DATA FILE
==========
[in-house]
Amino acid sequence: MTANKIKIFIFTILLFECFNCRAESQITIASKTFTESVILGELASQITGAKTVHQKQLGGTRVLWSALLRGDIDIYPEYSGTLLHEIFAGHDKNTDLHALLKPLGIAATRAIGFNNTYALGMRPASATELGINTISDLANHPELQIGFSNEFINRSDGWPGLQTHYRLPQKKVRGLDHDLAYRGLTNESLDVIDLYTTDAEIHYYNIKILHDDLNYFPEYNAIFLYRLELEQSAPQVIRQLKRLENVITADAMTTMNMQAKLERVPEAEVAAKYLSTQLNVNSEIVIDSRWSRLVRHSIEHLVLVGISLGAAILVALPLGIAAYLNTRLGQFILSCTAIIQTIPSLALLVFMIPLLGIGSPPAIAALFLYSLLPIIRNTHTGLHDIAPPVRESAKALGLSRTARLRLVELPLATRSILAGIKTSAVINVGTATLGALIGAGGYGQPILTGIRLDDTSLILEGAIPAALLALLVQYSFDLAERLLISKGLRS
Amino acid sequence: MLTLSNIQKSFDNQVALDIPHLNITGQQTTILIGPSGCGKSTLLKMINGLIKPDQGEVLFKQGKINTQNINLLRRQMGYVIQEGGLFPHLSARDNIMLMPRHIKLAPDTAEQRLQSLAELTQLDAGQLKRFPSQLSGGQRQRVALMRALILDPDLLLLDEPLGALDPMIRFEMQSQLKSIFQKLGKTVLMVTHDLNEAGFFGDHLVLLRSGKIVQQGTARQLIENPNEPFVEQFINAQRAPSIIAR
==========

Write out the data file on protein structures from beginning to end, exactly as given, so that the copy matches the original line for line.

[in-house]
Amino acid sequence: MTANKIKIFIFTILLFECFNCRAESQITIASKTFTESVILGELASQITGAKTVHQKQLGGTRVLWSALLRGDIDIYPEYSGTLLHEIFAGHDKNTDLHALLKPLGIAATRAIGFNNTYALGMRPASATELGINTISDLANHPELQIGFSNEFINRSDGWPGLQTHYRLPQKKVRGLDHDLAYRGLTNESLDVIDLYTTDAEIHYYNIKILHDDLNYFPEYNAIFLYRLELEQSAPQVIRQLKRLENVITADAMTTMNMQAKLERVPEAEVAAKYLSTQLNVNSEIVIDSRWSRLVRHSIEHLVLVGISLGAAILVALPLGIAAYLNTRLGQFILSCTAIIQTIPSLALLVFMIPLLGIGSPPAIAALFLYSLLPIIRNTHTGLHDIAPPVRESAKALGLSRTARLRLVELPLATRSILAGIKTSAVINVGTATLGALIGAGGYGQPILTGIRLDDTSLILEGAIPAALLALLVQYSFDLAERLLISKGLRS
Amino acid sequence: MLTLSNIQKSFDNQVALDIPHLNITGQQTTILIGPSGCGKSTLLKMINGLIKPDQGEVLFKQGKINTQNINLLRRQMGYVIQEGGLFPHLSARDNIMLMPRHIKLAPDTAEQRLQSLAELTQLDAGQLKRFPSQLSGGQRQRVALMRALILDPDLLLLDEPLGALDPMIRFEMQSQLKSIFQKLGKTVLMVTHDLNEAGFFGDHLVLLRSGKIVQQGTARQLIENPNEPFVEQFINAQRAPSIIAR